From “The Essential Secrets of Songwriting” website
We tend to think of energy as a value that we give an entire song: “That song has lots of energy…” or “I think that other song needs more energy…” etc. But to be a successful songwriter, you need to be thinking on a more focused level about energy. And consider the fact that energy is something that fluctuates throughout an entire piece of music.
How that energy ebbs and flows will determine if your listeners stick with it and listen to your song all the way through.
Generally speaking, energy levels should increase as your song progresses. Choruses really do need more energy than verses, and bridges require more energy than choruses to really work.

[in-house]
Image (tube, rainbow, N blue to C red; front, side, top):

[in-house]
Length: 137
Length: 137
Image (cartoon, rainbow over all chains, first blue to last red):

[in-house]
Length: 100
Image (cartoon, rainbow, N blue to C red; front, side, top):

How important is this? It is vital. By carefully crafting the energy of your song, you make it feel that something exciting is about to happen. Energy should build through the verse, making the chorus feel like it belongs. By having energy ebbing and flowing randomly, your song will feel directionless and boring.
So how do you control the energy of your songs? There are several key ways:
1- Dynamics (loudness). The louder your music, the more pent-up energy the listener will perceive.
2- Instrumentation. The more instruments you use, the more vigorous and full your music will sound.
3- Range. The higher the notes, the more energy is sensed from the music.
4- Rhythm. You’ll feel a much more intense energy coming from busier rhythms.
If energy isn’t something you’ve really considered before, now is a good time to go back and make a chart of the basic energy level of the various sections of your songs. You may find ways to finally inject some well-needed energy into an otherwise tiresome tune!